A sense of duty also implies a sense of loyalty. Whilst a sense of duty implies a commitment to act, a sense of loyalty implies a commitment by a person towards another person. I cannot be loyal to an object. For example, I can be loyal to a brand, but the use of loyal here is not the same we would expect in the context of romantic love. When we use loyalty towards another person, or an entity, we attribute personhood, e.g. the company, the state, we assume that certain moral implications apply which do not make sense when used with brands. In a way, therefore, loyalty guarantees duty. Furthermore, loyalty is not demanded from us or imposed upon us, but felt in the context of a free agent. Loyalty at the point of a gun or a threat of redundancy is not loyalty in any context.

Since romantic love is aimed at a person and not a thing, the person on the Clapham omnibus recognises that the person we are in love with is also unique. What I feel for Ms. A or Mr. B I feel because they are who they are and there is no one else like them. My love is for a person and not for a body (thing) hence the unique element. It might still be argued that even our bodies are unique, but we can dismiss this as irrelevant for our purposes. Hence uniqueness implies non transferability. I cannot just take my love and offer it to someone else; in the same way, that I cannot use the key to open the door to my flat as to open my office door. I submit that the uniqueness argument is a powerful one; it implies, for example, certainty in the sense that I cannot be mistaken or confused about who I love. One can lust for two beautiful bodies but love is not usually seen like this.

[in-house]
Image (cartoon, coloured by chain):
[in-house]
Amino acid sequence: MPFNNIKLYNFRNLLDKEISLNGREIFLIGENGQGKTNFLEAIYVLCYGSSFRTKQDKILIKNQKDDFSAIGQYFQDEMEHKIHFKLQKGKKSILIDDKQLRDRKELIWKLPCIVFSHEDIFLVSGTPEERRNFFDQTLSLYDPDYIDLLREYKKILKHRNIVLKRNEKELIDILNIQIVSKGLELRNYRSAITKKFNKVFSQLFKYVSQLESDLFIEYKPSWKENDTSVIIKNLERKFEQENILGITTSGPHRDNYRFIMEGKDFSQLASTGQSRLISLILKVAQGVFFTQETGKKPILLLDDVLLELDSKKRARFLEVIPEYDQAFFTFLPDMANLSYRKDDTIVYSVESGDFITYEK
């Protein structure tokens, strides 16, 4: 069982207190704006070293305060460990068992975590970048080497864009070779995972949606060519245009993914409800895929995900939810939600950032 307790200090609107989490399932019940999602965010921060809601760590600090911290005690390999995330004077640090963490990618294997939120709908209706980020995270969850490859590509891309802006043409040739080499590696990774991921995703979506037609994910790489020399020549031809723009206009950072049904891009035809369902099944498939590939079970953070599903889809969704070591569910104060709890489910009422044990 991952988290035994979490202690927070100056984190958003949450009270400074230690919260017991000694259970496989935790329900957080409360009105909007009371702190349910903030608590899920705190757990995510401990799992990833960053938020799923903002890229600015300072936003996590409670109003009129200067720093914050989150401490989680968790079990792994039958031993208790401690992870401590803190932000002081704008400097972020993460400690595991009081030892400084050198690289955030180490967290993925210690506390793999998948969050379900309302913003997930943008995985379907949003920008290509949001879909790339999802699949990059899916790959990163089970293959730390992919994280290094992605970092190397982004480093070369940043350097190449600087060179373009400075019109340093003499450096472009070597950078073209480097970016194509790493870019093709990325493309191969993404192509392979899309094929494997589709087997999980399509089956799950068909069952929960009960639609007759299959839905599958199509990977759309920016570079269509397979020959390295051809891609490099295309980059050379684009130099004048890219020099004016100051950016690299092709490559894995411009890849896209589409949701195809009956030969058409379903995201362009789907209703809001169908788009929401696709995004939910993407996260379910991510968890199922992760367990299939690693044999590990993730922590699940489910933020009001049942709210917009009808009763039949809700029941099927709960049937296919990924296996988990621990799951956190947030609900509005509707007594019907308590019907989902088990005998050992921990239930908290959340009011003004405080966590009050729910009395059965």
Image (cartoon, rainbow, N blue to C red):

Romantic love also implies two forms of promises. I make an explicit promise to myself that I will do, what I have argued to be, my duty towards the person I love and that I will be loyal to that person. And I also make an implicit promise to the person I love that I will do my duty and to be loyal to them. One important aspect of a promise is that it projects me and my actions into the future. By promising I see myself doing something in the future. Furthermore, a promise between people has no time limit or expiry date or shelf life; in other words, a promise is timeless. I submit that this is where we get the idea of love lasting for ever; the idea of promising my love to someone transcends time limits. Duty and loyalty also have the same feeling of timelessness.

It is accepted and it should be remembered that at no time is the other person obliged to do anything for me or is duty bound to do anything at all. The person of our love is a free agent in the same way that we are free agents.